The primers have been designed to detect the mycoplasma species responsible for most contaminations in cell cultures (including Acholeplasma). The primers were tested and found to be specific to mycoplasmatic DNA, and do not react with animal or bacterial DNA.

In sensitivity tests for the detection of defined mycoplasmas, the EZ-PCR Mycoplasma Test Kit was found to be the most sensitive in comparison to other test kits currently available on the market (Table 2). The ability to routinely conduct rapid and simple tests to detect mycoplasma contamination in cell cultures facilitates the eradication or treatment of contaminated cells.

Table 2.Minimal concentration of mycoplasma detected with EZ-PCR Mycoplasma Test Kit

Mycoplasma specieMinimal concentration detected
M. fermentans 12.0 CFU/ml
M. capricolum 5.5 CFU/ml
M. penetrans 10.0 CFU/ml
M. hyorhinis 10.5 CFU/ml

Using Antibiotics to Disinfect Cell Cultures

The increasingly widespread use of more sophisticated and sensitive methods for the detection of mycoplasma contamination in cell cultures has resulted in contamination being detected in numerous cultures. This raises the issue of how to eliminate mycoplasma contamination. Naturally, the ideal solution is to discard the contaminated cells. However, if the cells that are stored in liquid nitrogen are also contaminated, a solution is required for eliminating the mycoplasma and preparing a new cell bank, particularly if the cells are unique and the result of extensive work.

  • A number of effective methods for the elimination of mycoplasma contamination in cell cultures have been published, such as:
  • Treatment with specific hyperimmune serum (antibodies).
  • Passage of contaminated cells in thymus-deficient mice.
  • Exposure to analogs of nucleic acids that prevent reproduction of mycoplasma.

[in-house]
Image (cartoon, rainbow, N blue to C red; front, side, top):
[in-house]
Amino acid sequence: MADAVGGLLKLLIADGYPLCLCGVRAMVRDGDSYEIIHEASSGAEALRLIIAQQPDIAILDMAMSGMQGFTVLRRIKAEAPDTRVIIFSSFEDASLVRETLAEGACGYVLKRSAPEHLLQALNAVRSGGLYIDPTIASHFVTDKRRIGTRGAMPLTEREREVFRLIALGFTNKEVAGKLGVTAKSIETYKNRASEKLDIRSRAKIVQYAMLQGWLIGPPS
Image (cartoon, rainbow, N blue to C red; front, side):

• Treatment with antibiotics.
  • Exposure of contaminated cells to mouse macrophages.
  • A technique that combines growing cells on soft agar and treatment with antibiotics.

The preferred method in terms of simplicity is treatment with antibiotics, which do not damage or alter cells. Antibiotics such as penicillin, which attacks bacterial cell walls, are ineffective in this instance, since mycoplasma lacks a true cell wall. Several antibiotics eliminate mycoplasma effectively, such as: Tylosin, Neomycin, Tetracycline and Gentamicin. However, the efficacy of these antibiotics is restricted to specific mycoplasma species and frequently only reduce the concentration of mycoplasmas rather than disinfect the cell culture. Hence, as soon as treatment is concluded, contamination will recur.

Two methods are recommended for treating contaminated cells with antibiotics. The first is based on alternating treatment with two types of antibiotics, and the second on treatment with one type of antibiotic.


BIOMYC-1 is a solution based on the antibiotic Tiamutin. BIOMYC-2 is a solution based on the antibiotic Minocycline, which is a member of the Tetracycline group.

These two antibiotics have been shown to be effective in eliminating the mycoplasma species frequently present in contaminated cell cultures. Furthermore, the mycoplasmas do not develop resistance to these antibiotics – a common occurrence with other antibiotic treatment methods. The treatment is based on alternating use of the two antibiotics.


BIOMYC-3 is a solution based on the antibiotic Ciprofloxacin. This antibiotic belongs to the Fluoroquinolone group that inhibits synthesis of the enzyme DNA gyrase, which is responsible for supercoiling in bacterial DNA.

Treatment with Ciprofloxacin does not damage or alter the cells. This antibiotic should not be used repeatedly in cell cultures; otherwise, the mycoplasma is liable to develop resistance to it.


Heightened awareness regarding mycoplasma contamination, and increased use of sensitive and effective methods for the detection and treatment of mycoplasma contaminations, will lead to a reduction in the percentage of contaminated cultures. In addition to isolating contaminated cultures, and discarding or treating them, meticulous work procedures should be followed, and only mycoplasma-free raw materials should be used.

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  • EZ-PCR™ Mycoplasma Detection Kit

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    Highly-sensitive PCR assay designed with enhanced specificity to test for over 90 species of Mycoplasma, Acholeplasma, and Spiroplasma in cell cultures, with a detection limit of 10 CFU/mL. Includes ready-to-use reagents to perform 20 reactions, each with an internal control. Learn More